After playing "Dogs of War" a bit, we continued with a game that
has a temporary working title of "Hell", written by Tim as well.
Again, this was the first ever demo of the game to the press -
just like "Dogs of War". It has the same idea as "Stormlord" we
saw earlier at Hewson, and the graphics are also very good indeed
(again, Chris did them).
"Hell" is a shoot-'em-up that doesn't scroll, with humour
(witches turn into a frog when you hit 'em) and the whole thing.
There will be six levels with fully different graphics - and each
level is fifteen screens in width.
The game will come supplied on two disks, and the release date
is not yet known - nor is the company that will publish it, or
the final name of the game.
A rather nice hint for potential players: Do not shoot the
sleeping Orc!!

After Tim finished off showing his forthcoming games, and Steve
talked a bit to Stefan about various things concerning
programming, we swapped places: Stefan went to chat with Tim and
I had a go at Steve.
The interview.

What is your date and place of birth?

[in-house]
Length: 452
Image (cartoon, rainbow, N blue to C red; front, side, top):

Steve: April 4th 1952, Nottingham.
How did you end up in the computer industry?
Steve: Since I came out of school, I went down the pit to be a
miner. For sixteen years I did that. And then I started playing
arcade games - I became an arcade fanatic. And when computers
first came out I bought my first one, which was actually paid by
money I got when I had an accident down in the pit which cost me
the tip of one of my fingers: An Acorn Atom. And since there
weren't any games to play I wrote my own. Since the Acorn Atom I
did stuff on the Dragon 32, Tandy Colour Computer, Commodore 64,
Commodore 16, then the Enterprise, the Sinclair QL, the Atari ST
and the Amiga. I've done 70 games on various computers so far, of
which 21 on 16-bit, ST and Amiga.
Can you sum up the ST bit of those 21?
Steve: Sure. "Lands of Havoc" (which was available before you
could buy the Atari ST, hence its lack of things), "Disk Help"
(which "ST-Amiga Format" recently published as a PD thing!), a
pool game, a trivia challenge game, "Karate Kid II",
"Goldrunner", "Jupiter Probe"...I'll probably lose the order here
somehow..."Spitting Image", "Return to Genesis", "Star Ray",
"Leatherneck", and I can't think of anyone more.
What do you dislike most about the software industry?
Steve: I am not very keen on dealing with people, having to sell
games and trying to get in the funds. Especially that piece: It
is not easy getting paid. There are some companies who pay very
well indeed, quote Microdeal and Logotron, and some other